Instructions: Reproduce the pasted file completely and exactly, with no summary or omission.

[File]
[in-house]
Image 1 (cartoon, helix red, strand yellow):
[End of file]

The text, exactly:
[in-house]
Image 1 (cartoon, helix red, strand yellow):